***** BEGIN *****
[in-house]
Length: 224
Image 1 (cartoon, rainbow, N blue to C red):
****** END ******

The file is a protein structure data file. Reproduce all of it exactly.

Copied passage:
[in-house]
Length: 224
Image 1 (cartoon, rainbow, N blue to C red):